[photo-a-day: february 20]

[photo-a-day: february 20]

I like looking at people’s handwriting (which is one of the reasons I like Michael Perkins’ blog HandWritten).

Personally, I’ve got about 5 different types of handwriting (although I guess there’s more since my Russian / Ukrainian handwriting is different from English… my English is neater).

Does your handwriting changes from a situation to situation? Do you have just one way of writing you stick to?

For me, if I liked a subject at the class, my handwriting was nearly perfect. I wrote in block letters and it was neat and organized.

When I didn’t like the subject, my handwriting depended on the kind of notebook I had. If the paper was nice and pleasant to touch, that improved my writing skills. If I did not like the class and I didn’t like the notebook I was writing in… my handwriting showed that too.

Back in middle school, I experimented with different handwriting. I would observe other people, for example my friends or family (my cousin has the neatest cursive handwriting ever!) and try to copy them. As a result, my cursive handwriting right now is a mixture of observances. Sometimes it’s funny – for example, there are a couple of ways I write the letter “a” and the letter “e” – and I can have different types of those letters in the same word!

Handwriting can also depend whether I’m writing on plain paper, lined, or squared. Different line height also demands different handwriting.

There was time when I wrote the letters slanted to the left, sometimes to the right. Usually, it’s straight.

I wonder if those people who study handwriting can tell me anything about myself (besides the fact that I adjust to the situation)…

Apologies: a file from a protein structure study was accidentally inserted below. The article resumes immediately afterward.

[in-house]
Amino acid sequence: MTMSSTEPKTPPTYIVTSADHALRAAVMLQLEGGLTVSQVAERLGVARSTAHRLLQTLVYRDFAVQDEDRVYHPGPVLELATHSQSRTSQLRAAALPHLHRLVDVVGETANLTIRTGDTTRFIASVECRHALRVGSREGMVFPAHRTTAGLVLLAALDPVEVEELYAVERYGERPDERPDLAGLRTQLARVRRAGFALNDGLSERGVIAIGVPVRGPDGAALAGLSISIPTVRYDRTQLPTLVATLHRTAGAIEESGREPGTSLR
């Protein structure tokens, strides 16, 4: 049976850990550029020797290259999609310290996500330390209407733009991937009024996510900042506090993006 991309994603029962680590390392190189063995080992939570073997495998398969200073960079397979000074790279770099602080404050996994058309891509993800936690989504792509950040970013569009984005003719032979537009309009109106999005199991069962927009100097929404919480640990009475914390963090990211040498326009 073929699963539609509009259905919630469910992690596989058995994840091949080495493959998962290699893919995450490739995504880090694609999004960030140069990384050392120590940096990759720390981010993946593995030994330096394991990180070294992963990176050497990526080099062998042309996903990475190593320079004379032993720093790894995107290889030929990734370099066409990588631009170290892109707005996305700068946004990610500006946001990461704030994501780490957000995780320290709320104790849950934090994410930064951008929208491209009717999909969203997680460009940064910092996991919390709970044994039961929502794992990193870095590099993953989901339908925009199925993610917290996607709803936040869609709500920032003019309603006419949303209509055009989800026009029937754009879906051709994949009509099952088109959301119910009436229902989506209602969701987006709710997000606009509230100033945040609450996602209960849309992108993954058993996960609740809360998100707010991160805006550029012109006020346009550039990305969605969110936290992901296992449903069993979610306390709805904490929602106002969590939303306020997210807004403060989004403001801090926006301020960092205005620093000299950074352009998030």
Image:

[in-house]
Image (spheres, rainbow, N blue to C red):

But back to photo of the day.

Once I walked into our office kitchen and saw the scene.

There was a bottle with birch juice (don’t know if it is available in the US) with a Post-It note stuck to it.

“Birch juice. Good for your health.”

Next to it was an orange juice carton with another Post-It note.

“Orange juice. Pointless for your health. Drink birch juice.”

Granted, the handwriting above is not mine (I wish I came up with that idea) – considering the handwriting, it actually came from two different people. However, the idea was great.

  • Never heard of birch juice. But I do like orange juice too!

    Speaking of handwriting… I had a friend who wrote perfect in ancient Greek. Too bad that serves no practical purpose. =)

    • I guess the proper term is birch sap

      Perfect Greek – actually that can be useful if s/he ever decides to study Slavic languages. The guys who invented Slavic language (well, those who invented a written form of the spoken Slavic) were two Greek guys – Cyril (that’s where Cyrillic comes from) and Methodius. As a result, Cyrillic alphabet is very similar to Greek (which helps me because I can read it… don’t understand most of it, but I can read it)

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